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My friends and I have started a 5e campaign. I'm one of the players, and aside from the DM, have by far the most tabletop RPG experience. One of my friends, Bertha, who also has some RPG experience and a lot of improv experience, is also playing. During our first two sessions, which were just a practice scenario to get the other players up to speed, Bertha and I found that we were unfortunately taking up a lot of the roleplaying time: if I had timed it, between the two of us, we probably talked more than the DM and the other players combined. This is partly because I'm so used to other players actively working to roleplay that my instinct is to take up as much unused 'space' as possible: if there's a silence, I try to fill it.

I want to get the other new players to be willing to push back more against that, but when I tried just being quiet, I felt a lot of awkward silences where no one was stepping up to do anything. What can I do as a player to encourage the other players to participate more, roleplay more, and get into their character's heads more? I want to have fun, but I want everyone else to have fun, too, and while this site has a lot of advice for DMs trying to engage their players, there's less for players. Help!

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This advice comes from my experiences as a player.

  1. Direct Engagement: throw the spotlight on another character. Find a reason to use another character's expertise or involvement. Ask them for help on things. "Can you open this door?" "Can you convince the wizard?" "How do you want to approach that giant enemy crab?" The key here is that you're putting the focus on the other party member, forcing them to respond. At least you'll get dice rolls, at most they'll step up and you'll have to fight for RP time again.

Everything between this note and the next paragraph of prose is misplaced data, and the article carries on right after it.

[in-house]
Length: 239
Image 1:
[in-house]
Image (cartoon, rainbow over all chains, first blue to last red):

2. Silences are not awkward: it's thinking and courage-building time. Players occasionally need time to recognize that now is the time for their character to shine. Awkward silences can give people plenty of time to think about stuff, and new players need this time. Some people (myself included) have a rough time RP'ing in first person, and may want to do so in a slightly different way, which is all right. Especially if the other players are new, as in very little experience, because table-top RPGs take some getting used to.
  3. Give Kind, Out-Of-Character Suggestions. Never be bossy, but ask the other players to do stuff. How does their character feel about something? Wouldn't their character care about this thing, and want to act? This gets new players thinking about what their character should be doing.
  4. Remember: The Group wants fun, not just you and Bertha. They may expect something else, and if you feel like you're taking too much RP time, stop. Just stop and let them (the DM and other players) take the reins. It's good to have a little self-awareness and appreciate that your fun may come at expense of other people's idea of fun, and at least try to balance it out.